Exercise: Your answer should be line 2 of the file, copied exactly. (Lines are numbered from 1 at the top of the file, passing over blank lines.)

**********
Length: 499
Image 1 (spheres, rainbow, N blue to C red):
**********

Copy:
Image 1 (spheres, rainbow, N blue to C red):